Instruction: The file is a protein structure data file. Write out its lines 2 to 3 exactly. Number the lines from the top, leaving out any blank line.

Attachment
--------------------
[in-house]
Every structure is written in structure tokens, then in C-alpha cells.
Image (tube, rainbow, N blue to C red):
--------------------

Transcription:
Every structure is written in structure tokens, then in C-alpha cells.
Image (tube, rainbow, N blue to C red):